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    ABSTRACT: The future of dental practice is closely linked to the utilization of computer-based technology, specifically virtual reality, which allows the dental surgeon to simulate true life situations in patients. The virtual articulator has been designed for the exhaustive analysis of static and dynamic occlusion, with the purpose of substituting mechanical articulators and avoiding their errors. These tools will help both odontologists and dental prosthetists to provide the best individualized treatment for each patient. The present review analyzes the studies published in the literature on the design, functioning and applications of virtual articulators. A Medline-PubMed search was made of dental journals, with the identification of 137 articles, of which 16 were finally selected. The virtual articulator can simulate the specific masticatory movement of the patient. During mandibular animation, the program calculates the sites where the opposing teeth come into contact. The studies made to assess the reliability of the virtual articulator show good correspondence in visualization of the number and position of the dynamic contacts. The virtual articulator is a precise tool for the full analysis of occlusion in a real patient.
    Medicina oral, patologia oral y cirugia bucal 12/2011; 17(1):e160-3. · 1.02 Impact Factor
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    ABSTRACT: To evaluate the clinical efficacy of polycarboxylate cement as retrograde filling material. A prospective clinical study was made of 25 patients subjected to periapical surgery with ultrasound and magnifying loupes, in which polycarboxylate cement was used as retrograde filling material. Measurements were made of the area and diameter of the lesions pre- and postoperatively, and 6 and 12 months after the operation. The apical resection and retrograde filling areas were also measured, and the prognosis following surgery was recorded. A total of 23 patients with 31 apicoectomized teeth were studied (2 patients being lost to follow-up). The mean area of the periapical lesions before surgery was 52.25 mm2, with a mean major diameter of 6.1 mm and a mean lesser diameter of 4.8 mm. The success rate after 12 months was 54.7%, according to the criteria of Von Arx and Kurt. The prognosis was poorer in females, in larger lesions, and in cases with larger retrograde filling areas. Polycarboxylate cement offers good results, with important bone regeneration after periapical surgery.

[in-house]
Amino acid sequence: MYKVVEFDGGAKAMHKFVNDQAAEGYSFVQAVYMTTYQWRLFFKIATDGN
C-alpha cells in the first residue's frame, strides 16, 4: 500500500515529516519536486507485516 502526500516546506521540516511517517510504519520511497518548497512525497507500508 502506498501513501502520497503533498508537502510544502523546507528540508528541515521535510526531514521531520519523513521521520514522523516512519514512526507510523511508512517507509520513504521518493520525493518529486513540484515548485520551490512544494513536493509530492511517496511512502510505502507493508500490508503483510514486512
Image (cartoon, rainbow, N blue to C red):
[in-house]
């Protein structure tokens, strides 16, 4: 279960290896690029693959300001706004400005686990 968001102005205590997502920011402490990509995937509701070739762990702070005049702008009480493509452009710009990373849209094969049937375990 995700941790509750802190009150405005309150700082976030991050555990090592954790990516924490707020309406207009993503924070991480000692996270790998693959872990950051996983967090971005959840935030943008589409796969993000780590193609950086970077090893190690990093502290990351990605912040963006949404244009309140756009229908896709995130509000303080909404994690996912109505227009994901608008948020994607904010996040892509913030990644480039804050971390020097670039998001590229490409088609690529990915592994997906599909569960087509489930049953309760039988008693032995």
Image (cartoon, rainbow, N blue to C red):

Medicina oral, patologia oral y cirugia bucal 12/2011; 17(2):e276-80. · 1.02 Impact Factor
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    ABSTRACT: To determine the prevalence, location, and size of maxillary sinus septa, and to compare the results of panoramic radiographs and computed tomography (CT) scans. This study included 30 patients, 17 women and 13 men, with a mean age of 50.9 years (range, 28-73 years), undergoing treatment planning for implant-supported restorations in the maxilla. Three observers analyzed the panoramic radiographs, the conventional CT scans in acetate, and the Implametric 3-dimensional CT (3Dent, Valencia, Spain). The maxillary sinus septa of each patient and the type of septa, as well as its location and size, were recorded. In 60 maxillary sinuses, panoramic radiographs showed 32 septa (53.3%); CT in acetate showed 42 septa (70%); and Implametric 3-dimensional CT showed 40 septa (66.7%). Most septa (60%) were located in the middle region of the maxillary sinus, 22.5% in the posterior region, and 17.5% in the anterior region. The mean height of the septa was 4.78 ± 1.76 mm. Panoramic radiographs led to an erroneous diagnosis in 46.5% of the cases. Maxillary sinus septa are a frequent anatomic variation. They can be found in any of the maxillary sinus regions independently of patient edentulism. The panoramic radiograph can lead to false-positive and false-negative findings in the visualization of septa in almost half of cases. Therefore, whenever a maxillary sinus lift is planned, a thorough study of the affected sinus should be made using CT.